• High Dynamic Range: Some magnetic sensing technologies have upper bounds on the magnetic field strength that is allowed to be applied to it, and exceeding those limits can cause permanent damage. Unlike xMR, Hall-effect technology has no upper limit on applied magnet fields.
  • Omnipolar Sensitivity: It is unlikely that the perpetrators of a tampering attempt will pay much attention to which pole of the magnet is applied to the system’s case, or they may simply try all options to find one that is effective; the sensor should be capable of detecting north and south polarity magnetic fields and be insensitive to the magnet’s pole orientations.
  • Omnidirectional Sensitivity: Many legacy magnetic sensors are only sensitive to fields in a single direction or plane; since the external magnet may be applied in any orientation to any exposed point on the component’s surface (front face, top, bottom, back or sides), the sensor should be equally sensitive in all three directions (X, Y, and Z). Examples of true 3DMAG™ Hall-effect magnetic sensor devices include the ALS31300 low-power 3D linear sensor and the ALS31313 low power 3D linear sensor from Allegro MicroSystems.

Magnetic Field vs. Distance from Magnetic Surface (mm) for 50 mm3 N45 Neodymium Magnet

Tamper Prevention

There are options to choose from as discussed earlier when addressing a detected tamper event. Tamper prevention can only be realized at the point of the end equipment’s use, by having the proper safeguards in place like detection, lockout and notification, or a form of compensation when continuing with operation.

For instance, the system may intentionally disable itself for a short period of time if a very strong stray field tamper attempt is detected, or it may log and disregard the stray field if it is considered weak enough. Ultimately a tamper prevention mechanism is used when critical sensitive electronics are present and their malfunction could cause a hazard, or in the case of the smart lock – a security breach.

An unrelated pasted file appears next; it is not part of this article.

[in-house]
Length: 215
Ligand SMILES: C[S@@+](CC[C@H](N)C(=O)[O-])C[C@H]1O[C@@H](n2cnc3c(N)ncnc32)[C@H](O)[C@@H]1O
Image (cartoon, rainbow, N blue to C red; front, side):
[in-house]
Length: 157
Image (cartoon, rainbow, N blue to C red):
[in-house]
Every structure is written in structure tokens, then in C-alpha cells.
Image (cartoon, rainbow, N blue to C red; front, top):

Two different 3D magnetic sensor types from Allegro are compared in Table 1. The A1266 3D micropower Hall switch and the ALS31300 3D Hall linear sensor both meet the criteria discussed in the previous section for successful tamper proximity detection solutions, and each offer a unique approach to tamper mitigation and prevention.

  A1266  ALS31300 
Package   SOT23 DFN 
Footprint   2.9 mm x 3 mm  3 mm x 3 mm
Operation Mode   Threshold Switch Calibrated Linear
Sensing Mechanism   3D Hall-effect 3D Hall-effect
Output Protocol   Open Drain I2C
 Sensing Range ±40 G (4mT) 

±500 G, ±1000 G, and ±2000 G

(±50 mT, ±100 mT, and ±200 mT)

Features 

 Individual X/Y/Z Outputs,

Single OR Output of X/Y/Z,

Fixed Low Power Cycling

EEPROM (W/ Customer Space).

Adjustable Low Power Cycling,

Interrupt Pin,

Adjustable Interrupt Settings,

Temperature Sensor

Table 1: Comparison of Hall-effect switch and linear sensor features and capabilities

To learn more about the Allegro 3DMAG™ family of products and to explore available design resources, visit allegromicro.com/3DMAG.

Conclusion

Magnetic tamper detection is a critical function required for the confident adoption of smart home security and access control devices by consumers. This feature prevents malfunctions and enables a system-level response to a hazardous magnetic field exposure event, enhancing the overall security and performance of these and other electronic devices.

Magnetic sensor ICs such as the A1266 3D Hall switch and the ALS31300 3D Hall linear are able to detect magnetic tampering over a large region from a footprint smaller than 9 mm2.The 3DMAG™ sensor solutions from Allegro ensure highly accurate, versatile sensing design by using the fewest number of ICs to achieve high reliability tamper detection.

Be sure to read Allegro’s companion application note, discussing the technical advantages of true 3D sensors for use in tamper detection, 3D Hall-Effect Sensors Reduce the Cost and Complexity of Magnetic Tamper Detection for Smart Home Systems. 

References

Littelfuse Inc.. 2020. “IoT Smart Locks and Access Control.”  

Allegro MicroSystems, LLC. “ALS31300 3-D Linear Hall-Effect Sensor with I²C Output and Advanced Low Power Management.” Last modified October 20, 2021.  

Allegro MicroSystems, LLC . n.d. “ALS31313 Automotive Grade, 3-D Linear Hall-Effect Sensor with I2C Output and Advanced Low Power Management.” Accessed November 16, 2021.  

Allegro MicroSystems, LLC. “A1266 Micropower Ultrasensitive 3D Hall-Effect Switch.” Last modified February 4, 2020.

Allegro MicroSystems, LLC.“3D Hall-Effect Sensors Reduce the Cost and Complexity of Magnetic Tamper Detection for Smart Home Systems.” Last modified July 29, 2021.